UK weather: Cluster of showers to hit Britain paired with scorching 30C high by weekend

BBC Weather: UK to see ‘driest July on record’

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According to the Met office, many areas will remain dry with bright or sunny spells on Friday. There might be some cloudier interludes too. Scattered showers are possible in some northern areas with light winds contributing to a warm feel for many in the South.

During the weekend, rain will be crossing northern regions Saturday, reaching some central and southern areas by Sunday before the south brightens again on Monday.

Jo Farrow, from Netweather.tv said: “In the next few days, temperatures will be edging upwards, moving from the high teens and low twenties to an average of 20s Celsius across the UK.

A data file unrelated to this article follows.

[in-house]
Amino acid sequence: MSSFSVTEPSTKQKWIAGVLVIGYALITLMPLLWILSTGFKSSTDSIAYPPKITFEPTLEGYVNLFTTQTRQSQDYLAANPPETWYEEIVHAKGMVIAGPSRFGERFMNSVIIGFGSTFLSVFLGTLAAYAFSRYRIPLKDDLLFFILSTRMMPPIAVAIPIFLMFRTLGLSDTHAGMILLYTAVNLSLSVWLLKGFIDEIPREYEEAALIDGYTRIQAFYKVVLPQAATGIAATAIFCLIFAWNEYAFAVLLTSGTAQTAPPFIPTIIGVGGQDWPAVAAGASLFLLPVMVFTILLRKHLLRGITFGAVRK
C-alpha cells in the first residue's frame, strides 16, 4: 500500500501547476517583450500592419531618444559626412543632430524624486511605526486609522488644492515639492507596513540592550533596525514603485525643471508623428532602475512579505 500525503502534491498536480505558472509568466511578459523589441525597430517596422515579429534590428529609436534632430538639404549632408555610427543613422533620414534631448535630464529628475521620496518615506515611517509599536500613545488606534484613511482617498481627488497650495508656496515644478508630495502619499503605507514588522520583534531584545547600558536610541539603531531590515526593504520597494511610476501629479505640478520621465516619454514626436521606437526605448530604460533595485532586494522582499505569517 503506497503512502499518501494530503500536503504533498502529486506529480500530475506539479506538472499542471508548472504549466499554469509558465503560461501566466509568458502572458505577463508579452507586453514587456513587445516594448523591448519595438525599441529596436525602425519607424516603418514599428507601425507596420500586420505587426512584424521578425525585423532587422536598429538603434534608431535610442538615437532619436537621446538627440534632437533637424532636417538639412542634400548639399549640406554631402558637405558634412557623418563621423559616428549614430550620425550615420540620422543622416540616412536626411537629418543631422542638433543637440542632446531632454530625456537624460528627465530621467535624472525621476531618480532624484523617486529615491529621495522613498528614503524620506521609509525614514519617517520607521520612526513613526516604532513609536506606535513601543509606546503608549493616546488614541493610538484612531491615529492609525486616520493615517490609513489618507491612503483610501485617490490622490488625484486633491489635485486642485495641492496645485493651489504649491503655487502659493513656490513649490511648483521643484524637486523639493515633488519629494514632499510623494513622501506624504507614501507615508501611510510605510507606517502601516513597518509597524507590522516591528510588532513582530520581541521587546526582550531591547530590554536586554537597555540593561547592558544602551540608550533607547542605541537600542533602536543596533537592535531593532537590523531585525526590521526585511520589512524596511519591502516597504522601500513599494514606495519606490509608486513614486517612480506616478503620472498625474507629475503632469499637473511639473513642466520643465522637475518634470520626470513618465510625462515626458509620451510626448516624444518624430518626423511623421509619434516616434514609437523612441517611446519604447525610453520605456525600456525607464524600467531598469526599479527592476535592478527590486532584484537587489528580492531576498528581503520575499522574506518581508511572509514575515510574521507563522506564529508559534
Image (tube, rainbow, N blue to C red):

“This is not the extreme heat of last week, but a gradual rise with the peak temperatures edging towards 29C, maybe 30C.

“After that, through the weekend and for early next week they stall.

“The temperatures stay in the mid 20’s with a fresher feel for Belfast and Glasgow in a westerly flow and Cambridge up to 27C on Sunday.”

Meanwhile, the period between January and June this year was the driest in England since 1976, the Met Office has said.

With water levels running low, the National Drought Group met on Tuesday to discuss how to cope with conditions.

The group stopped short of declaring a drought, but water companies have been putting the early stages of their drought plans into action by urging people to save water.

It comes after the UK’s record temperature was broken last week.

Conditions have been particularly dry in the south-east of England with the west, Wales, Scotland, and Northern Ireland seeing lower temperatures and more rainfall.

Officials from bodies including the Department for Environment, Food and Rural Affairs (Defra), the Environment Agency, the National Farmers’ Union and the Country Land and Business Association have met with water companies to discuss how to protect supplies.

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They are urging people not to waste water after months of below average rainfall, but no restrictions on usage have been put in place in England.

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